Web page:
Washington, D.C. – The House of Representatives today passed the EPA Science Advisory Board Reform Act of 2013 (H.R.1422), introduced by former Environment Subcommittee Chairman Chris Stewart (R-Utah). The bill makes changes to the EPA’s Science Advisory Board (SAB) to enhance public participation, improve the process for selecting expert advisors, expand transparency requirements and limit non-scientific policy advice. The bill passed by a vote of 229-191.
Chairman Lamar Smith (R-Texas): “The EPA has an extensive track record of twisting the science to justify their actions. Behind the scenes, however, there is a review process that can provide a critical check on the agency’s conclusions. The EPA’s Science Advisory Board was intended to provide a meaningful, balanced, and independent assessment of the science that supports regulations. Unfortunately, this vision is not being realized. The EPA undermines the Board’s independence and prevents it from providing advice to Congress. As a result, the valuable advice these experts can provide is wasted. At a time when the agency is pursuing the most aggressive regulatory agenda in its 44 year history, it is critical that the Board function as intended."
Established by Congress in 1978, the SAB plays an important role in reviewing the scientific foundation of EPA regulatory decisions and advising the agency broadly on science and technology-related matters.
Rep. Stewart: “Through the EPA, the Obama Administration is aggressively pursuing costly regulations that impact nearly every sector of the American economy. These rules should be based on sound scientific assertions and conclusions. It’s critical that we have a balanced panel of experts operating in an open and transparent way. This bill improves that process in key areas."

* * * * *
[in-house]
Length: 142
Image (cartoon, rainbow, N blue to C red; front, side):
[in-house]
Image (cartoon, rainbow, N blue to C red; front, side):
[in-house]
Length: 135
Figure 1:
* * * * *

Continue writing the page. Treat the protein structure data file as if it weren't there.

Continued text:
To address current deficiencies in EPA’s scientific advisory process, H.R. 1422:
- Strengthens public participation and public comment opportunities.
- Improves the make-up of SAB and its sub-panels by reinforcing peer review requirements regarding balance and independence. The bill also reduces potential conflicts of interest by requiring enhanced disclosure of members’ financial relationships relevant to board activities.
- Requires opportunities for dissenting panelists to make their views known.
- Requires communication of uncertainties in scientific findings and conclusions.
- Limits non-scientific policy advice and recommendations, while requiring explicit disclosure of such advice when SAB feels compelled to provide it.
- Reiterates that the EPA’s SAB is to be fully and independently responsive to the Congress
The provisions in this bill draw upon recent recommendations from the Keystone Center’s Research Integrity Roundtable, the Bipartisan Policy Center, and other stakeholders, as well as relevant testimony received by the Committee on Science, Space, and Technology during the 112th and 113th Congresses.
H.R. 1422 has received support from 32 organizations, including the U.S. Chamber of Commerce, the National Association of Manufacturers, and the American Farm Bureau.